David Cameron, leader of the British Conservative Party, has announced the formation of a new European Parliament group, the European Conservatives and Reformists (ECR), which will unite 55 Eurosceptic and socially conservative parties from eight member states. The Conservatives will form the backbone of the group with 26 members, including Northern Irish Jim Nicholson of the United Conservatives and Unionists – New Force (UCUNF).
The Conservative party withdrew from the European People's Party-European Democrats (EPP-ED) group (since renamed the EPP) at the close of the 2004-09 parliament, citing policy differences with fellow member parties, notably the French UMP and the German CDU/CSU, both of which favour a federal Europe and closer integration.
Cameron said: "We don't believe in the so-called federal Europe and it has got to be good for European democracy and diversity to have a grouping in the European Parliament with which we agree and can put an alternative point of view".
Mr Cameron pledged to cut the Conservatives' ties with the EPP grouping during his 2005 Conservative leadership campaign, in order to broaden his appeal to the Eurosceptic tendency in his party.
Other parties who have signed up include 15 MEPs from the Poland's Law and Justice Party (PiS), nine from the Czech Civic Democratic Party (ODS), and one each from the Dutch Christian Union, the Latvian Fatherland for Freedom and Conservative Alliance (TB/LNNK), Hungarian Democratic Forum (MDF) and Belgian List Dedecker (LDD).
The Tories have also been criticised for joining forces with parties on the margins of the political scene, notably the Lithuanian TB/LNNK and the Polish PiS, who in the past have tried to ban gay rights demonstrations in Poland.
William Hague, Conservative shadow spokesman for foreign affairs, defended the Tories' choice of partners, saying that the PiS were "the party of the president of Poland"; Poland is governed by the centre-right Civic Platform, members of the EPP. He added that allies in Finland, the Netherlands and Latvia were part of ruling coalitions.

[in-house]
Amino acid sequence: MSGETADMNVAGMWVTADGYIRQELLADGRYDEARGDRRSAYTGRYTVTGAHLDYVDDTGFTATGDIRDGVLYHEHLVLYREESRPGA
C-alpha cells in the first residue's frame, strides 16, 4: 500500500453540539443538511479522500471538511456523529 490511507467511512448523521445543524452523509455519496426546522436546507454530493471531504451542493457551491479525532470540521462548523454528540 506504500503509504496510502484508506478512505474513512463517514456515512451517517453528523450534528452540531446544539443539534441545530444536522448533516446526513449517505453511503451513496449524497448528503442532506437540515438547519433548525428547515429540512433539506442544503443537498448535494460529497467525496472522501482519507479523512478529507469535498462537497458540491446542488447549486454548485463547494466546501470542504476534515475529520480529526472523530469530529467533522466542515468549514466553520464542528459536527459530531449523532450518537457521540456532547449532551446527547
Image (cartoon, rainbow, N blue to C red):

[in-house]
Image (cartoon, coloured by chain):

All members of the new group have signed up to the "Prague Declaration", negotiated in the Czech Republic, which argues for EU reform and opposes federalism. The group will be the fourth largest EP group, just ahead of the Green-EFA, but its apparent strength is built on potentially weak foundations. If just two of the MEPs who are the sole representatives of their members states leave the group, the ECR would collapse, for want of the minimum requirement of members from seven member states.
Meanwhile, the EPP group, the 'victor' of the European elections which took place 4-7 June, with 264 MEPs, has re-elected Joseph Daul as its chair, along with nine vice-presidents.
The former Party of European Socialists, whose numbers fell by over 50 after a poor showing in the election, has been reconstituted as the Progressive Alliance of Socialists and Democrats, comprising former members of the PES together with the Italian Democratic Party (PD). Outgoing PES chair Martin Schulz was elected president of the new group, together with nine vice-presidents.
The Green-EFA group, which also fared well in the elections, re-appointed Daniel Cohn-Bendit as Co-President, along with former vice-president Rebecca Harms. The EUL-NGL group voted unanimously for newly-elected German MEP Lothar Bisky to be their chair.
The Alliance for Liberals and Democrats in Europe (ALDE) bloc elected former Belgian Prime Minister Guy Verhofstadt leader on 30 June. Outgoing leader Graham Watson will now focus on his campaign to become President of the European Parliament.
Intensive negotiations are under way among members of the outgoing ID group and the UEN group, both of which will struggle to reconstitute themselves, given the higher threshold to form a group, and the fact that the new ECR group has attracted several former members.
Whether far-right groups can co-operate sufficiently to form a political group remains to be seen. Despite the rise of the British National Party (BNP) in the United Kingdom, the Party for Freedom (PVV) in the Netherlands, Jobbik in Hungary, and existing factions such as the Front National in France and the Vlaams Belang in Belgium, memories of the ill-fated Identity, Tradition and Sovereignty group, which fell apart amid bitter infighting within months of its conception in 2007, remain fresh.
The final political groups are likely to be formed by the first week of July, in time for the first session of the European Parliament in Strasbourg during 14-16 July, when MEPs meet formally for the first time, to appoint members of committees, the all-imporant fora where legislation is debated and amended, and the president of the parliament and his deputies.
24 June 2009